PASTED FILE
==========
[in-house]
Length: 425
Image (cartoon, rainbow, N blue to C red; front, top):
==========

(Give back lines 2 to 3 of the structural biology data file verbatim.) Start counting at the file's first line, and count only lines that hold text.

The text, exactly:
Length: 425
Image (cartoon, rainbow, N blue to C red; front, top):